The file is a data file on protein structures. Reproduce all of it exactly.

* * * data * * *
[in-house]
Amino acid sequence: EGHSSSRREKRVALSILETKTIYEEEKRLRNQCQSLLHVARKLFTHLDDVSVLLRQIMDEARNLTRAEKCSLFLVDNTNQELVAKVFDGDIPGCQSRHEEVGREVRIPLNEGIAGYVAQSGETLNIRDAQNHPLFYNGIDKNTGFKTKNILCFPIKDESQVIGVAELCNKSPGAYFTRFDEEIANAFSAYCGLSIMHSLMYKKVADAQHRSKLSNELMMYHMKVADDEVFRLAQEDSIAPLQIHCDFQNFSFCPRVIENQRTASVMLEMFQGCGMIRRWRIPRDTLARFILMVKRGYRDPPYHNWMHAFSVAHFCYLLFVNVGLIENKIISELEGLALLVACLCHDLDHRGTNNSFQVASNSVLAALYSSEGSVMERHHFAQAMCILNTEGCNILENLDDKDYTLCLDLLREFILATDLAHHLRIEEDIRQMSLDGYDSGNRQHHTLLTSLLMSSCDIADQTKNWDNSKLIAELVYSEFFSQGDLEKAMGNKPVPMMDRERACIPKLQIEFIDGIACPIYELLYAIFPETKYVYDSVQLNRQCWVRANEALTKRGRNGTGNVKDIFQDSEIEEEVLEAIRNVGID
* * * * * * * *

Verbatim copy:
[in-house]
Amino acid sequence: EGHSSSRREKRVALSILETKTIYEEEKRLRNQCQSLLHVARKLFTHLDDVSVLLRQIMDEARNLTRAEKCSLFLVDNTNQELVAKVFDGDIPGCQSRHEEVGREVRIPLNEGIAGYVAQSGETLNIRDAQNHPLFYNGIDKNTGFKTKNILCFPIKDESQVIGVAELCNKSPGAYFTRFDEEIANAFSAYCGLSIMHSLMYKKVADAQHRSKLSNELMMYHMKVADDEVFRLAQEDSIAPLQIHCDFQNFSFCPRVIENQRTASVMLEMFQGCGMIRRWRIPRDTLARFILMVKRGYRDPPYHNWMHAFSVAHFCYLLFVNVGLIENKIISELEGLALLVACLCHDLDHRGTNNSFQVASNSVLAALYSSEGSVMERHHFAQAMCILNTEGCNILENLDDKDYTLCLDLLREFILATDLAHHLRIEEDIRQMSLDGYDSGNRQHHTLLTSLLMSSCDIADQTKNWDNSKLIAELVYSEFFSQGDLEKAMGNKPVPMMDRERACIPKLQIEFIDGIACPIYELLYAIFPETKYVYDSVQLNRQCWVRANEALTKRGRNGTGNVKDIFQDSEIEEEVLEAIRNVGID